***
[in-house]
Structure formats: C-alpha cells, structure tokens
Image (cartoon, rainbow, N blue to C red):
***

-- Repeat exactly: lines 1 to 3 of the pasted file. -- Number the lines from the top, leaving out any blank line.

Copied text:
[in-house]
Structure formats: C-alpha cells, structure tokens
Image (cartoon, rainbow, N blue to C red):